Thanks to Marika Ingels, kristof Blom, Pol Heyvaert and all the CAMPO crew for making us feel at home and for your ongoing support of my artsitic research. Thanks to Kopano Maroga, Sophie Desomere, Helena Elshout, Jacky Klune, Fabian Espinosa Diaz, Inez Louwagie, Sabine Declercq, Charlotte Peys, Enrica Camporesi, Bea Van Robaeys, Lieslot Siddiki, Hannelore Siddiki, Hans Roels, Tine De Moor, An Gordier, Barbora Wouters, Stef Peters, Caroline Van Peteghem for support and /or visiting the Archives and giving your honest feedback. Thankyou to all the people I interviewed in South Africa and my family, your stories are mixing and turning to stone, or liquid gold. They are coming to life in the Archives, unreliably of course.
Stanza means room in Italian and a verse in poetry or a rhythmical text. What does it mean for two or more artists to work on their own research and practice in proximity with each other? To share an in-between space, and reflect together? Stanza: is that in-between room.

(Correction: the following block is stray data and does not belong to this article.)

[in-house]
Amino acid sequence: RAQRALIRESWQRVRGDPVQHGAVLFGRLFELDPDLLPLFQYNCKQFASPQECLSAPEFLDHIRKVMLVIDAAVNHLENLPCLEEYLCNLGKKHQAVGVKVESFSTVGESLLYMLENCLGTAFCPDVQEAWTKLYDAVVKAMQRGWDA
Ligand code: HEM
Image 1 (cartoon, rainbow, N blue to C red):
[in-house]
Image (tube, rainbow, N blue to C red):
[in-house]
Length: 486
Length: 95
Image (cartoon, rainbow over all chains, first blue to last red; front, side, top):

Stanza, (or in Flemish Stanza’n) became a verb, a form of exchange. To Stanza is To room, to unfold a room, to make room. Stanza-ing is mapping, breathing, moving, exchanging, playing, learning, gesturing, being attentive to, crafting, caring, laughing, creating, stacking, gathering, wandering, stretching, incanting,… To Stanza is to build and unfold a temporary space through shared actions, rhythmically, ritually, generously.
Stanza: On proximity is a journey Enrica Camporesi and myself started on a long Corona proof winters walk in a nature reserve in October 2020. We have both worked with Mestizo Arts Platform and taken part in a Work in Progress festival. They encouraged us to talk, to meet, telling us there were so many links between our practices and our current artistic research projects. So we went for a walk and exchanged images and talked for hours. It was cold outside but a little fire was lit.